This is one of the hardest reviews I’ve had to write, and I’m not sure quite why. I think it’s because this album is really tough to listen to, and it’s important to say that that is not because it’s a bad album. On the contrary.
Blue Gillespie are an independent prog/metal band from Newport, South Wales and “Seven Rages of Man” is their second album. Evidently they see the character “Blue Gillespie” as a collective alter-ego who represents the hidden darker side of each of the band members.
Now, you might say that’s a little pretentious, but let’s put that aside for the moment and ask the important question: Is the music any good?
Oh my laws yes.
Opener “Prologue” – natch – introduces us to rumbling drums, strident guitars and the very forceful vocal presence of Gareth David-Lloyd.
Now, if I try and review each track I think I could be here all night. There’s a lot going on and its all solidly played and well-recorded. My particular favourite is track 7 “Impiety”. A melodic riff gives way to some monstrous guitar. When Blue Gillespie are heavy they sure are heavy. Not just the guitars and the drums, but also the singing.
It is unusual for the vocals to be the dominant force of a metal album, but I think in Blue Gillespie‘s case it is true. And you know what, it works. The guitars are crunchy and creative and occasionally absolutely terrific throughout, but this is David-Lloyd‘s album. Maybe that is no surprise when you discover he is a successful actor here in the UK.
I debated long and hard as to whether I should put that fact in my review but in the end I felt I had to. He may feel that it is an irrelevance in the context of the band, but I feel the vocal performance he gives on “Seven Rages Of Man” is precisely that. It is a performance. And I mean that in a good way.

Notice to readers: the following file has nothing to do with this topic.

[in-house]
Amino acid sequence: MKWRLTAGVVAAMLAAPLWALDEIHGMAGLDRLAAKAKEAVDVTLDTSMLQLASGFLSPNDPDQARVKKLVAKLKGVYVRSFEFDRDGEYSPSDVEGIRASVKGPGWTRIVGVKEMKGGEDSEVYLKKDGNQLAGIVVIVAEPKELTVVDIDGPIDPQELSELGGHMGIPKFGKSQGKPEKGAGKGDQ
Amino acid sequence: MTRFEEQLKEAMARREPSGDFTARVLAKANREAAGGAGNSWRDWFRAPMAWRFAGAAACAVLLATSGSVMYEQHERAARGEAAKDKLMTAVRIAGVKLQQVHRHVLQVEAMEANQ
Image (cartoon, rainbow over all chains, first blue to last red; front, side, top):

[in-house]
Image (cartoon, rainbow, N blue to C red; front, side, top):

From plaintive to pleading, howling and screaming, David-Lloyd roars his way across the seven ages. Can you win a Bafta for singing with a metal band? Maybe not. Shame.
I am really looking forward to seeing Blue Gillespie live. A lot of even the best metal bands these days are actually a bit dull live but I’m quite sure Blue Gillespie will be anything but.
I have been listening to the album for about three weeks now and I’ve listened to it more than any other album I’ve reviewed. It feels like an album you have to play over and over again, like a Tool album, perhaps. So I have done. It has worn me out but it’s been worth it.
If you want a band who utterly believe in what they are doing and believe in giving it everything, then I urge you, nay, demand that you check out “Seven Ages Of Man” by Blue Gillespie. You’ll be spent, but you will have a stupidly satisfied smile on your face.